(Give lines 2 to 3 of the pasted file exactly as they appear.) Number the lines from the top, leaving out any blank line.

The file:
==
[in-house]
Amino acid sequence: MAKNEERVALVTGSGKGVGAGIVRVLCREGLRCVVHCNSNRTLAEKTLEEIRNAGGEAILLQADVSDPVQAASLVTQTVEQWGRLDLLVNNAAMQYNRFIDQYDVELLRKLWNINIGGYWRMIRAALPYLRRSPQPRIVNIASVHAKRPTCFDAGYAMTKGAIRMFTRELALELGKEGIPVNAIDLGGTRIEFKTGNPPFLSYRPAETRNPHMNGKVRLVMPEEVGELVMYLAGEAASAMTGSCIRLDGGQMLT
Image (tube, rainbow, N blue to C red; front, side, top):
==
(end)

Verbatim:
Amino acid sequence: MAKNEERVALVTGSGKGVGAGIVRVLCREGLRCVVHCNSNRTLAEKTLEEIRNAGGEAILLQADVSDPVQAASLVTQTVEQWGRLDLLVNNAAMQYNRFIDQYDVELLRKLWNINIGGYWRMIRAALPYLRRSPQPRIVNIASVHAKRPTCFDAGYAMTKGAIRMFTRELALELGKEGIPVNAIDLGGTRIEFKTGNPPFLSYRPAETRNPHMNGKVRLVMPEEVGELVMYLAGEAASAMTGSCIRLDGGQMLT
Image (tube, rainbow, N blue to C red; front, side, top):